We are starting to see a trend with this genetic line that it may not be as capable of keeping down mite populations…that is definitely not a positive attribute, so we will be monitoring this more closely. This also provides us with an opportunity to test our preferred HOT weather mite treatment, Hopguard 3, to see how effective it is. We have treated both hives with Hopguard 3 strips and will wait 14 days per label instructions. We will then re-sample to see how effective this treatment really was. At that time, it may be cool enough to use another treatment if it is indicated.
In the past few weeks, we have heard of so many late summer swarms! Swarming is a HUGELY risky venture for both the population leaving and those left behind in the hive. Usually it happens in the spring so that the populations have time to build back up and get their home right before winter. The following information is from a publication by Michigan State University’s Meghan Milbrath on Swarms, 2018. Most swarms do not survive the first winter, survival is around 15%. There is risk also to the parent hive because new queens have a 10-25 % chance of NOT coming back from a mating flight leaving a hive queenless. In the north there is a short window to get enough food and raise enough bees for winter and this disrupted hive may not be able to right itself in time. I highly recommend any beekeeper read this publication BEFORE you are dealing with a swarming situation.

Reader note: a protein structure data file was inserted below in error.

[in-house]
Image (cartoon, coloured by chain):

That said, a hive could swarm due to lack of space. One of the anomalies of the 2021 season, is that we didn’t get a dearth and the bees just kept filling and the queens kept laying. (Dearth, a time when it is dry and nectar flow ceases in enough quantity to sustain or grow honey production). If the beekeeper doesn’t notice a honey bound hive, there is a swarming risk.
Another non-swarming reason bees could abandon a hive and be mistaken for a swarm, is if mite populations are extremely high, a hive could simply leave the space hoping to find a more hospitable home – this is called absconding…we have seen this as well.
As you can see from my update, we have had conditions in the Dow Gardens hives that without intervention could have led to these same outcomes.
My final words are a bit of a warning. Beekeeping really cannot happen in a vacuum. Networks of beekeepers, whether in online chat groups/facebook, educational publications, in person beekeeping societies or just a couple of friends who also keep bees, provide a valuable resource. They can provide a broader perspective about what is going on at any time during the season as well as bouncing ideas off each other about how to deal with situations you encounter (or should expect). I try to be open to new ideas about how to interpret or deal with situations I find in the hives I visit.